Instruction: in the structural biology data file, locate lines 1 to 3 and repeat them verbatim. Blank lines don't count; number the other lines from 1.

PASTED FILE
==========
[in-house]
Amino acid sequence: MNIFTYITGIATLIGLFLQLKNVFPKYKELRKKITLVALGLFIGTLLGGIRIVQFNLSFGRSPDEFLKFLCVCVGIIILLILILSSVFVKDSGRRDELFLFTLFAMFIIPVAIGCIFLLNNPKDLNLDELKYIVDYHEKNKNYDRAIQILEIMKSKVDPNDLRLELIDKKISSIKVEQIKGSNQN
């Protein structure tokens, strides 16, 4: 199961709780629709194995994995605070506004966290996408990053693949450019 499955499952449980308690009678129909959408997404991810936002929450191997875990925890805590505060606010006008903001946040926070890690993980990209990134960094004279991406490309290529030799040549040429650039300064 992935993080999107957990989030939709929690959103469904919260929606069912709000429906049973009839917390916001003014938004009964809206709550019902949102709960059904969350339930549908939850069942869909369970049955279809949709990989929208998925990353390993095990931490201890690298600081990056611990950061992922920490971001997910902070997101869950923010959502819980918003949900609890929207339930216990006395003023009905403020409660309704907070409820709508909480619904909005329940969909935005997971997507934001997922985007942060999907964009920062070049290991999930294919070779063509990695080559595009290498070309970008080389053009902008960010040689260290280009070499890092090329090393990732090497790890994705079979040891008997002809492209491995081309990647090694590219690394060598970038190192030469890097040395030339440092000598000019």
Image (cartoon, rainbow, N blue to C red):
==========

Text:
[in-house]
Amino acid sequence: MNIFTYITGIATLIGLFLQLKNVFPKYKELRKKITLVALGLFIGTLLGGIRIVQFNLSFGRSPDEFLKFLCVCVGIIILLILILSSVFVKDSGRRDELFLFTLFAMFIIPVAIGCIFLLNNPKDLNLDELKYIVDYHEKNKNYDRAIQILEIMKSKVDPNDLRLELIDKKISSIKVEQIKGSNQN
């Protein structure tokens, strides 16, 4: 199961709780629709194995994995605070506004966290996408990053693949450019 499955499952449980308690009678129909959408997404991810936002929450191997875990925890805590505060606010006008903001946040926070890690993980990209990134960094004279991406490309290529030799040549040429650039300064 992935993080999107957990989030939709929690959103469904919260929606069912709000429906049973009839917390916001003014938004009964809206709550019902949102709960059904969350339930549908939850069942869909369970049955279809949709990989929208998925990353390993095990931490201890690298600081990056611990950061992922920490971001997910902070997101869950923010959502819980918003949900609890929207339930216990006395003023009905403020409660309704907070409820709508909480619904909005329940969909935005997971997507934001997922985007942060999907964009920062070049290991999930294919070779063509990695080559595009290498070309970008080389053009902008960010040689260290280009070499890092090329090393990732090497790890994705079979040891008997002809492209491995081309990647090694590219690394060598970038190192030469890097040395030339440092000598000019």